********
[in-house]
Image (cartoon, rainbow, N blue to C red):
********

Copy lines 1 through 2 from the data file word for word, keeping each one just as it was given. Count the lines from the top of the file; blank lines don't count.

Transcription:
[in-house]
Image (cartoon, rainbow, N blue to C red):